On May 26, Costa Rica became the sixth country in Latin America to legalize same-sex marriage, after Argentina, Brazil, Colombia, Ecuador, Uruguay, and some parts of Mexico. On Twitter, people began counting down the hours until midnight before filling social media with celebratory messages and photos of happy couples.
The road to same-sex marriage has not been easy for this traditionally conservative and religious country. However, this took a turn in 2018 when the Inter-American Court of Human Rights issued an opinion, on Costa Rica's demand, on gender identity and equality for same-sex couples. Later that year, Costa Rica's Constitutional Court followed the international court's lead and ruled 18 months for the Costa Rican parliament to legislate on this issue or let the ban on same-sex marriage, which was enshrined in the country's Family Code, dissolve automatically on May 26. That same year Costa Ricans voted for Carlos Alvaro Alvarado Quesada, a candidate who supports same-sex marriage, instead of his conservative evangelical rival, Fabricio Alvarado. In early May 2020, conservative lawmakers tried to delay the ruling by 18 months but ultimately failed to pass their motion.
This law is a first in Central America, a region where LGBTQ+ people frequently flee due to violence and discrimination. In El Salvador, for example, 600 members of the LGBTQ+ community have been killed between 1993 and 2017, according to State figures. Hate crimes against LGBTQ+ people have also been registered in Guatemala, Nicaragua and Honduras. Even though Costa Rica has a lower homicide rate than its northern neighbors, there have been spikes of aggression, sometimes lethal, because of people's sexual orientation. That is why Costa Rica's new law also sparked fellow Central Americans to tweet joyful congratulations (and admit a pinch of envy) of their neighbor's legislative strides.
The two first legally-wed couples
The first wedding was between Alexandra Quirūs and Dunia Araya under social distancing rules. At midnight on May 26, nearly 20,000 people watched them tie the knot before their lawyer on Facebook live, and more watched on television. Around 50 more weddings have been planned at the Civil Registry for weeks.
After her wedding, Araya told BBC:
“Con la entrada en vigencia de la ley, ojalá que quienes siguen luchando en la región centroamericana, e inclusive a nivel mundial, tomen la inspiración y el ejemplo no de nuestro matrimonio, sino de Costa Rica, que ha dado ese paso importante.”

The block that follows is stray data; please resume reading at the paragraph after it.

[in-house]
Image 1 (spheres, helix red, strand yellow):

“With the entry into force of the law, hopefully, those who continue to struggle in Central America, and even globally, will be inspired and take the example not from our marriage, but from Costa Rica, which has taken that important step.”
A las 00:01 del 26 de mayo se ha celebrado la primera boda LGBT en Costa Rica, ha sido retransmitida en directo por la televisión del pais ??♥️?️? pic.twitter.com/Ylj5cG6HxQ
— Igualdad LGBT ?️? (@IgualdadLGBT) May 26, 2020
At 00:01 on May 26, the first LGBT wedding in Costa Rica was held, and was broadcast live on the country's television ??❤?️?
The morning after, a second wedding was also live-streamed. This time, longstanding activist Marco Castillo married Rodrigo Campos. Two days later, judge Francis Porras León tried to annul their marriage and failed.
Ayer. Primer matrimonio de personas del mismo sexo realizado en un juzgado de familia. Un acto simple pero con un enorme peso simbólico. Agradecido de haber sido testigo del principio del cambio. #diversidad #MatrimonioIgualitarioCR pic.twitter.com/uZriGCKqdK
— JP Monge (@jpmonge_photo) May 27, 2020
Yesterday. The first wedding of people of the same sex before a family court. A simple act but with a huge symbolic weight. I am grateful of being a witness of the start of change. #diversity #marriageequalityCR
An online celebration
Due to social distancing measures in the context of COVID-19, celebrations happened online under the hashtag #SiAceptoCR (#YesIAcceptCR). Couples shared photos of themselves on Twitter.
— Dani Garita Rovira❤????? (@96Garita) May 26, 2020
Today May 26 is a huge step for Costa Rica.
Today May 26 is a day less for our goal.
?❤️???? #lovewins #marriageequalityCR #yesIacceptCR
This Twitter user explains how he thought of leaving Costa Rica because of the lack of LGBTQ+ civil rights.
Hace años pensaba en que si llegaba el día, jamás sería algo que podría hacer en mi país. Que tendría que irme a hacer mi vida en otro lugar con más opciones. Hoy agradezco que es una posibilidad en Costa Rica. ?️? #SiAceptoCR @LeChikitico pic.twitter.com/srs1I2q6kV
— Gian Ca Restani (@GianCaRestani) May 26, 2020
For years that I thought that if the day arrived, I could never be able to do it in my country. That I would have to leave and build my life in a place with more options. Today I am grateful that it's a possibility in Costa Rica. ?️? #YesIAcceptCR
More couples celebrated online:
?️? Hoy celebramos la igualdad y el amor! @kingdobleq ?
Costa Rica dijo “Si, acepto” al matrimonio igualitario! ??#SiAceptoCR #MatrimonioIgualitarioCR #Equality #LoveIsLove #MatrimonioIgualitario #LoveWins ? pic.twitter.com/2bAFOe4H82
— Bryan (@Bryanshortstuff) May 26, 2020
?️? Today we celebrate equality and love! @kingdobleq ?
Costa Rica said “Yes, I accept” marriage equality! #YesIAcceptCR #MarriageEqualityCR #Equality #LoveIsLove #MarriageEquality #LoveWins ?
Hoy aunque no estamos físicamente juntos, celebramos porque al fin el amor de "a escondidas" legalmente puede ser gritado a los 4 vientos por amor es amor. #SiAceptoCR ❤️????? pic.twitter.com/mjsGNyd1V5
— BAZINGA ? (@Rob13sc) May 26, 2020
Even if we are not physically together, we celebrate because finally the “secret” love can legally be screamed from the hilltops because love is love. #YesIAcceptCR ❤️????
— Fabián Solano (@FabianSolanoCR) May 26, 2020
Dieguito, Oliver and I are super ready for the #MarriageEquality #MarriageEqualityCR #lovewins